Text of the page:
Mountainous regions (e.g. the Andes in South America, the Himalayas and the Hengduan Mountains in Asia, the mountains in the Mediterranean Basin, the Eastern Arc Mountains in Africa, or the Southern Alps in New Zealand) host a large proportion of global species diversity, and many of them are recognized as world biodiversity hotspots. It is widely agreed that the rich species diversity in mountainous regions is due to higher speciation rates compared to lowlands; such accelerated diversification is mainly triggered by tectonic driven mountain building, which gives rise in turn to highly heterogeneous topography, various climate types and wide ecological gradients. Meanwhile, mountain species need to move considerably shorter distances to track their optimal conditions as compared with lowland species, and hence they experience lower rates of extinction during episodes of large climate changes, e.g. Quaternary climate oscillations. So, mountains everywhere are generally recognized to play a dual role of ‘species museums’ and ‘species cradles’.

Evolutionary history and population genetics studies in mountainous regions have often revealed that mountain building triggered radiative speciation, resulting in the generation of many endemic species; the formation of geographic barriers to gene flow between previously continuous populations (i.e., allopatry) is a major mechanism for speciation and intraspecific divergence in mountains; hybridization and subsequent (allo)polyploidy (‘polyploid speciation’), as well as hybridization between species of the same ploidy level (‘homoploid speciation’), are also important avenues for generating new species. Mountain building may also provide many new habitats that stimulate the arising of barriers to gene flow between populations occurring on different environments (‘ecological speciation’).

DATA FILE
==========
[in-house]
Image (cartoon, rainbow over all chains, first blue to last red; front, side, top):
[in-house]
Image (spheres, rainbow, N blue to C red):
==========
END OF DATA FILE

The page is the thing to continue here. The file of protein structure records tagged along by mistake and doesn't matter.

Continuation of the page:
These preliminary findings may serve as stepping stone to address a wide range of questions, including: (1) What is the distribution pattern of genetic variability at population level in species groups that experienced radiative speciation? (2) Is integrative taxonomy effective in delimitating closely related species in mountainous regions? (3) What is the role of hybridization and natural selection during speciation? (4) Is isolation by environment more important than isolation by distance in mountains? (5) What genetic variation and gene expression changes are related to local adaptation to altitudinal gradients? (6) How did the Quaternary climatic oscillations and geological events affect the demographic history of widespread and endemic species? (7) How did the mountain uplift processes interplay with the late Neogene climate changes in shaping the evolutionary history of mountain plants? There are much evolutionary history and population genetic questions to be explored in the mountains, and this research topic welcomes articles, opinions and reviews addressing any of these issues.


Keywords: Genetic variation, intraspecific divergence, speciation, hybridization, species delimitation


Important Note: All contributions to this Research Topic must be within the scope of the section and journal to which they are submitted, as defined in their mission statements. Frontiers reserves the right to guide an out-of-scope manuscript to a more suitable section or journal at any stage of peer review.

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Submission Deadlines

31 December 2017 Abstract
29 June 2018 Manuscript

Participating Journals

Manuscripts can be submitted to this Research Topic via the following journals:

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Topic Editors

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Submission Deadlines

31 December 2017 Abstract
29 June 2018 Manuscript

Participating Journals

Manuscripts can be submitted to this Research Topic via the following journals: